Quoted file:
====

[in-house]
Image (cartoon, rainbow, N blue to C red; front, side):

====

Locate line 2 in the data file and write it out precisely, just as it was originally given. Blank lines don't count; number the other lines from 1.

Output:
Image (cartoon, rainbow, N blue to C red; front, side):